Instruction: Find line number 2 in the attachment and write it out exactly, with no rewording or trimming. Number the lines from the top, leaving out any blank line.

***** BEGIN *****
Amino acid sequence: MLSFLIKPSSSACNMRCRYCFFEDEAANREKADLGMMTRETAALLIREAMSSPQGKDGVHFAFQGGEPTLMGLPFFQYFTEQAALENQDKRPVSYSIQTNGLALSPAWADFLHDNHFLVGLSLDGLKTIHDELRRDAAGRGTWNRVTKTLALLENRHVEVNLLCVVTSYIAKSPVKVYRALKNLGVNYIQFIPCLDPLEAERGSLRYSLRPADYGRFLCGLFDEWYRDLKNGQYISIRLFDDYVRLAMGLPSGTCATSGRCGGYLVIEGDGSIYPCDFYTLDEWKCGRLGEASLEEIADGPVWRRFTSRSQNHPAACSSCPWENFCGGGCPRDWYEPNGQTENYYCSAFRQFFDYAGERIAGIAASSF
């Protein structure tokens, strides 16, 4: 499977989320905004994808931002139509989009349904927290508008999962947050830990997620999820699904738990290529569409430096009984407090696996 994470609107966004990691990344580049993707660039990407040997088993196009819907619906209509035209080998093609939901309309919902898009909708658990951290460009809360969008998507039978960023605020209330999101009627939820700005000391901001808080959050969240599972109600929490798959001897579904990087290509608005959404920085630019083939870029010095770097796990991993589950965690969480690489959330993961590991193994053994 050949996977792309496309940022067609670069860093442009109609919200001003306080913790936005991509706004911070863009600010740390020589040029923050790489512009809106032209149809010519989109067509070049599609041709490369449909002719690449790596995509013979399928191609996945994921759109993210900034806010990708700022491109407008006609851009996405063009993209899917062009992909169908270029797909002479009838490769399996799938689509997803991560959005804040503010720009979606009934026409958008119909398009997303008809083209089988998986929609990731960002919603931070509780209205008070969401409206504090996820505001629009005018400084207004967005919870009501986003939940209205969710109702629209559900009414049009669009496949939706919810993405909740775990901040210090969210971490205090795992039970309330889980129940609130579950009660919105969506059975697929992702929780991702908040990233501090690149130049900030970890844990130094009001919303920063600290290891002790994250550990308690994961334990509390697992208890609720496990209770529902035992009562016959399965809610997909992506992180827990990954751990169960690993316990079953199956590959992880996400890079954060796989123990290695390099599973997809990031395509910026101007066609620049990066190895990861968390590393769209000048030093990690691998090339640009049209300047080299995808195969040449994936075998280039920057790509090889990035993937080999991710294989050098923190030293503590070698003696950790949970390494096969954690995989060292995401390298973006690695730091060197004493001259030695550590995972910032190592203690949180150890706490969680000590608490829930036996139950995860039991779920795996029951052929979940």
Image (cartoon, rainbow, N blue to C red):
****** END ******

């Protein structure tokens, strides 16, 4: 499977989320905004994808931002139509989009349904927290508008999962947050830990997620999820699904738990290529569409430096009984407090696996 994470609107966004990691990344580049993707660039990407040997088993196009819907619906209509035209080998093609939901309309919902898009909708658990951290460009809360969008998507039978960023605020209330999101009627939820700005000391901001808080959050969240599972109600929490798959001897579904990087290509608005959404920085630019083939870029010095770097796990991993589950965690969480690489959330993961590991193994053994 050949996977792309496309940022067609670069860093442009109609919200001003306080913790936005991509706004911070863009600010740390020589040029923050790489512009809106032209149809010519989109067509070049599609041709490369449909002719690449790596995509013979399928191609996945994921759109993210900034806010990708700022491109407008006609851009996405063009993209899917062009992909169908270029797909002479009838490769399996799938689509997803991560959005804040503010720009979606009934026409958008119909398009997303008809083209089988998986929609990731960002919603931070509780209205008070969401409206504090996820505001629009005018400084207004967005919870009501986003939940209205969710109702629209559900009414049009669009496949939706919810993405909740775990901040210090969210971490205090795992039970309330889980129940609130579950009660919105969506059975697929992702929780991702908040990233501090690149130049900030970890844990130094009001919303920063600290290891002790994250550990308690994961334990509390697992208890609720496990209770529902035992009562016959399965809610997909992506992180827990990954751990169960690993316990079953199956590959992880996400890079954060796989123990290695390099599973997809990031395509910026101007066609620049990066190895990861968390590393769209000048030093990690691998090339640009049209300047080299995808195969040449994936075998280039920057790509090889990035993937080999991710294989050098923190030293503590070698003696950790949970390494096969954690995989060292995401390298973006690695730091060197004493001259030695550590995972910032190592203690949180150890706490969680000590608490829930036996139950995860039991779920795996029951052929979940």